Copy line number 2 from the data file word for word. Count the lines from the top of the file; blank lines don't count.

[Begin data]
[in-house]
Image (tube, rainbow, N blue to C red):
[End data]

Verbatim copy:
Image (tube, rainbow, N blue to C red):